The Disparate Impact of Texas’ Abortion Ban on Low-Income and Rural Women

February 24, 2022 by Lindsay Johnson

In September 2021, Texas Senate Bill 8 (SB8) took effect. SB8 prohibits abortion in the state after six weeks—before many women are aware they are pregnant. It is well known that abortion restrictions disparately impact low-income and rural women and increase illegal abortion[1], and Texas in particular has a long and disturbing tradition of low-income women dying from illegal abortions.[2]

Rosie Jiménez was a 27 year old Latina college student and the first known woman to die in Texas because the Hyde Amendment denied her insurance coverage for safe abortion care. [3] When she died in 1977, Rosie was a single mother to a five-year-old daughter and just six months shy of graduating with a teaching credential.[4] She went to a doctor in her hometown of McAllen, Texas, but her doctor would not perform an abortion because Medicaid would not cover the procedure anymore.[5] Rosie was so determined to finish her education and build a better life for her and her daughter that she refused to use a $700 scholarship check to pay for an abortion out of pocket, and instead went to Mexico and obtained a cheaper, illegal, and unsafe abortion.[6] Immediately following the procedure, Rosie began cramping and bleeding profusely. The scholarship check was still in her purse when she died seven days later of septic shock.

In 1977, the CDC reported that five women sought treatment from hospitals in Texas for bleeding and infection following abortions in Mexico.[7] Three of the women, including Rosie Jimenez, had Medicaid cards in their wallets.[8] Prior to the Supreme Court’s 1973 decision legalizing abortion nationwide, Texas consistently had the highest illegal abortion death ratio and rates in the United States.[9]

SB8 will close a significant number of abortion clinics across the state and will increase the average one-way driving distance to an abortion clinic by fourteen-fold, from 17 miles to 247 miles.[10] If driving nonstop at 70 miles per hour, this means the average drive time will increase by almost 3.5 hours each direction and could require an overnight stay.[11] Considering just the average increase in distance, a minimum wage worker (earning $7.25 per hour) would have to pay $34.50 for gas, or five hours’ wages, driving a car that gets twenty miles per gallon at three dollars per gallon.[12] This would be more than a full day’s earnings just to pay for the additional gas for a round trip. Neighboring states like Louisiana and Oklahoma require multiple visits to an abortion provider, so costs for women traveling to either state for an abortion are even higher. In addition to the cost of gas and the cost of the abortion, a woman from Texas driving to Louisiana or Oklahoma may have to factor in child care, lodging, and lost wages from time off work amongst a host of logistical considerations.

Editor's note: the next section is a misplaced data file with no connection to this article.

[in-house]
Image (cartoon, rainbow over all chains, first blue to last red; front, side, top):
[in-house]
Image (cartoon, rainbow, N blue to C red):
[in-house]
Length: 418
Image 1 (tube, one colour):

This increase in distance disproportionately impacts low-income women and women of color, who may lack the financial capacity to travel out of the state. Black reproductive justice activist Marcela Howell notes that SB8 would be the latest attack on women of color in Texas.[13] She explains that a disproportionate number of Black women rely on Medicaid and live in low-income households, and notes that even when low-income women in Texas are able to secure financial aid through abortion funds to cover the procedure’s cost, many still lack access to care because they cannot afford related travel costs or childcare.[14] These financial and logistical barriers take time to resolve, and many women are unable to resolve them within six weeks as required by SB8.[15]